Americans rely on Social Security, but its financial future has been unclear for a long time. Every year, it's the responsibility of the Social Security Trustees to report on the health of the Social Security Trust Funds, which hold the assets that will help fund future retirement benefits for Social Security recipients. Once again, the trustees missed their statutory deadline and were three and a half months late getting the 2017 Social Security Trustees Report done. The report, which you can access by PDF here, is 269 pages long, but the most important aspects confirm most of what those who've followed Social Security in the past have seen for years.
1. The disability trust fund again improved, but Social Security's trust funds overall will still run out of money in 2034.
Most of the headline numbers regarding Social Security stayed the same as they've been for a couple of years now. The 2017 report repeated its previous projections that the combined overall trust fund reserves will be depleted in 2034. When you look solely at the Old Age and Survivors Trust Fund, which covers the Social Security benefits that older Americans and their families receive, 2035 is still the date at which that portion of the overall program will run out of money.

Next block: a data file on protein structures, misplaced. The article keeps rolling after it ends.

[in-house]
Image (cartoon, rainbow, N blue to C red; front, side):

The Disability Insurance Trust Fund, however, has gotten more financially healthy. The depletion date for that fund is now 2028, five years later than it was last year. The report noted that favorable experience for applications and benefit awards for disability benefits has been helpful, continuing a trend of falling applications for disability since 2010. The number of disabled workers actually getting benefits has also fallen each year since 2014, and despite expectations that this trend would reverse itself, the numbers at the end of 2016 confirmed its continued improvement. Disability is a small portion of the overall Social Security program, so even if favorable trends continue, optimism about that trust fund won't be enough to provide a meaningful extension of time for Social Security as a whole.
2. Americans will face a benefit cut after the trust funds are depleted.
Many people mistakenly believe that once the Social Security trust funds are out of money, the program will be completely bankrupt. That's not the case, because the program gets income from Social Security payroll taxes and other sources. What will happen, though, is that recipients will only get a fraction of their scheduled benefits.
The 2017 trustees report said that following the spending of all trust fund balances, Social Security on the whole will only get enough revenue to cover 77% of scheduled benefits. When you break that down by the type of benefit, the Old Age and Survivors Fund will receive enough income to cover 75% of payments, while the Disability Fund will be able to cover 93% of what it owes beneficiaries.
3. Here's what it would take to fix Social Security's financial problems.